The Survivalist’s Odds ‘n Sods:

SurvivalBlog presents another edition of The Survivalist’s Odds ‘n Sods— a collection of news bits and pieces that are relevant to the modern survivalist and prepper from “HJL”. Venezuela is back in the news this week again.

Explosive-Carrying Drones

The Explosive-Carrying Drones in Venezuela Won’t Be the Last

JWR’s Comment: I first mentioned the emerging threat of UAVIEDs in SurvivalBlog back in 2006. Frankly, I’m surprised that it took this long for someone to use one against a head of state.

Baofeng Radios

Reader JMD wrote in to let us know of this upcoming change by the FCC that will make it illegal to sell radios (like the popular Baofengs) that can operate in the FRS radio band (462.5625 – 462.7250 MHz) and any other licensed band in a single device. Manufacturers will have to either quit selling them or block the FRS bands like they do for the current cellular bands. This is the relevant verbiage:

§ 95.591 Sales of FRS combination radios prohibited.

Effective September 30, 2019, no person shall sell or offer for sale hand-held portable radio equipment capable of operating under this subpart (FRS) and under any other licensed or licensed-by-rule radio services in this chapter (devices may be authorized under this subpart with part 15 unlicensed equipment authorizations).

Editor’s Comment:  I strongly recommend stocking up on dual band Baofeng handi-talkies before this regulatory change takes place. If bought in a set of five, the cost per transceiver is only around $23 each, postage paid!  By law, these presently may be bought by any adult. But a license is needed to operate them outside of the no-license  FRS, GMRS, and MURS bands. (That is, in the amateur operators’ bands.)


Crackdown Looms As Maduro Survives Assassination Attempt Maduro has survived an assassination attempt in which his attackers flew a series of drones carrying explosives towards him, an attack that is likely to cause yet another security crackdown in the country

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Wait Until You See The Price Of Gold In Venezuela Right Now Venezuela is on track to become the next model for hyperinflation. Last month a cup of coffee cost 2 million bolivars. That’s up from 2,300 bolivars 12 months ago – A whopping 87,000 percent. With prices doubling about every 18 days, the IMF projects Venezuela’s inflation will reach 1 million percent by the end of this year. Just like Zimbabwe, the country’s answer to inflation is to announce the removal of several zero’s from the currency. Despite the fact that you can’t eat gold, this article shows that the demand for gold is outpacing inflation. An ounce of gold has increased in price over 3.1 million percent from just the beginning of the year.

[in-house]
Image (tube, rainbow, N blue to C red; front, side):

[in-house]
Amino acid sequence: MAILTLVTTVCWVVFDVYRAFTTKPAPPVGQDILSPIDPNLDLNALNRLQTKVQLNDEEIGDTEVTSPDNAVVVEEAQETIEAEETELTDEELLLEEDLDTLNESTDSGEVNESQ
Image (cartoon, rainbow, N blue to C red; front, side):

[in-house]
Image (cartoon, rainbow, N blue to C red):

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Reader G.P. reports that Brazil closed its border with Venezuela. Brazil initially closed its border to help deal with the flood of mass migration, but that order was overturned by a Supreme Court Justice. An estimated 500 Venezuelans cross the border every day and the nearby cities are struggling to deal with an increasing number of refugees. The order was overturned based on the idea that most of those who were crossing were refugees, but it turns out that most actually are not refugees. They are just wanting to escape the continuing political and economic crises back home.

Calculating the Date

Reader C.D. has a question for SurvivalBlog readers:

I have always wondered about this, and have given it thought. Assuming that we got to a point that electronics became inoperative I was wondering how one could tell the date. While if you had a group of people, would could be assigned the task of keeping track, but in a prolonged situation you may find that the day you think it is may start to digress from the actual day, which knowing when to plant crops, and other task are dependent on having a good idea for the date. I was wondering if you had anyway to “check” the date and correct any errors in time keeping.

Survival Realty

There is an earthship style earth sheltered home for sale on Survival Realty with 20 acres in Idaho this week. The property actually contains two homes so you can have a guest house as well. The guest house is “straw bale construction” and has an attached garage and carport. There is also a third building that is currently being used as an office. There is also an easement to power, but the property is currently served by solar.